If we want to analyse a literary text using literary theories, how can we know the theory that should be adapted to that work?it is said that theories are like keys: each one fits its door
The premise behind literary theories is that a particular individual or group of individuals develop or adhere to set principles in a given literary theory, like Russian Formalism. Many theories also are founded in ideological precepts and have embedded assumptions to prove, such as Marxist theory or Feminist theory. Since (1) many of us are not strong advocates of ideological precepts (e.g., Marxism) and (2) have no assumptions to prove (e.g., binary prevalence of deconstruction), we can enjoy selecting from the pot-pouri of literary theories. We'd make our choices based on (a) the characteristics of the novel, play, etc or on (b) what we perceive as significant in the novel etc.
For instance, Pride and Prejudice lends itself to analysis through Feminist theory because of all the women and their varying roles, while Master and Commander: The Far Side of the World (also a great movie) lends itself to Deconstructionism because a good number of the characters appear in marginalized capacities that are prime for deconstruction relating to the binary of master and servant, which reveals the socio-political realities of colonial English life.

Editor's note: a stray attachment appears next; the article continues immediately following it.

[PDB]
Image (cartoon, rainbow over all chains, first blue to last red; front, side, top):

I am not sure that I agree with the wording of the question. It implies that a given literary work can be analysed correctly only by one literary theory. Instead I feel that a single literary work can be analysed by a lot of different literary strategies. It is not the literary theory that should be adapted to the work, but the work that should be analysed through the lenses of the literary theory we choose to use. But the choice of which school of criticism to follow in a literary analysis is ours. It cannot be dictated by the literary text that we are analysing and depends what elements of the text we are particularly interested in. For example, texts produced in the former colonies of European countries invite analysis informed by postcolonial theories. Yet, these theories can be fruitfully applied to texts produced by white Europeans about colonies, thus highlighting stereotyping and racist representations.
A book that I have found particularly useful to explain how different reading strategies can be applied to novels is Peter Messent's New Readings of the American Novel (1998). While, as the title suggests, Messent's primary focus and examples are American novels, his study provides methodological insights that can be helpful to scholars and students of other literatures.